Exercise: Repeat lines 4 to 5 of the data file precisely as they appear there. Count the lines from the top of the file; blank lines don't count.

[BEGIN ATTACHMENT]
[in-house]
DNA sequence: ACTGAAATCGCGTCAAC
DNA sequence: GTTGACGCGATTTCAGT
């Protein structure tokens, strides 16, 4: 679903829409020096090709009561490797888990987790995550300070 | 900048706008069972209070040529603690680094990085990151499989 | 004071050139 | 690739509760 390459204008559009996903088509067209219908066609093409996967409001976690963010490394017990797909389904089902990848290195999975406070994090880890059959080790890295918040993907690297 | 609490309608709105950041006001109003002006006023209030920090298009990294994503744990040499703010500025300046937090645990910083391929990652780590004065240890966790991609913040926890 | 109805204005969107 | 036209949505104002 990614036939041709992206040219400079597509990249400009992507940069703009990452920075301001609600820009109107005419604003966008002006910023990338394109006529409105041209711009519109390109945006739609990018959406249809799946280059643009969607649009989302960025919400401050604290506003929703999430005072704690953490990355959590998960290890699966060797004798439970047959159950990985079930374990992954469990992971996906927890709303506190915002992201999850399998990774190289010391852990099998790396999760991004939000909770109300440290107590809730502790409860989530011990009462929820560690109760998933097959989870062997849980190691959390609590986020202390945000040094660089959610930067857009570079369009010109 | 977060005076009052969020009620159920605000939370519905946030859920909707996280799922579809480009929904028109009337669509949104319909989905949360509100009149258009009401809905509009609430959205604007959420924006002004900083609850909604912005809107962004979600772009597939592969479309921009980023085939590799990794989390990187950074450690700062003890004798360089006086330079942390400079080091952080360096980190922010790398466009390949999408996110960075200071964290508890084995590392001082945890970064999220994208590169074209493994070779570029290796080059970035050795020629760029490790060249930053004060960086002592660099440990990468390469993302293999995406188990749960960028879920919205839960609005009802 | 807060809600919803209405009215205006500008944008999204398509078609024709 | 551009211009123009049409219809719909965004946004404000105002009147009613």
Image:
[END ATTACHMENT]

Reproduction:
């Protein structure tokens, strides 16, 4: 679903829409020096090709009561490797888990987790995550300070 | 900048706008069972209070040529603690680094990085990151499989 | 004071050139 | 690739509760 390459204008559009996903088509067209219908066609093409996967409001976690963010490394017990797909389904089902990848290195999975406070994090880890059959080790890295918040993907690297 | 609490309608709105950041006001109003002006006023209030920090298009990294994503744990040499703010500025300046937090645990910083391929990652780590004065240890966790991609913040926890 | 109805204005969107 | 036209949505104002 990614036939041709992206040219400079597509990249400009992507940069703009990452920075301001609600820009109107005419604003966008002006910023990338394109006529409105041209711009519109390109945006739609990018959406249809799946280059643009969607649009989302960025919400401050604290506003929703999430005072704690953490990355959590998960290890699966060797004798439970047959159950990985079930374990992954469990992971996906927890709303506190915002992201999850399998990774190289010391852990099998790396999760991004939000909770109300440290107590809730502790409860989530011990009462929820560690109760998933097959989870062997849980190691959390609590986020202390945000040094660089959610930067857009570079369009010109 | 977060005076009052969020009620159920605000939370519905946030859920909707996280799922579809480009929904028109009337669509949104319909989905949360509100009149258009009401809905509009609430959205604007959420924006002004900083609850909604912005809107962004979600772009597939592969479309921009980023085939590799990794989390990187950074450690700062003890004798360089006086330079942390400079080091952080360096980190922010790398466009390949999408996110960075200071964290508890084995590392001082945890970064999220994208590169074209493994070779570029290796080059970035050795020629760029490790060249930053004060960086002592660099440990990468390469993302293999995406188990749960960028879920919205839960609005009802 | 807060809600919803209405009215205006500008944008999204398509078609024709 | 551009211009123009049409219809719909965004946004404000105002009147009613």
Image: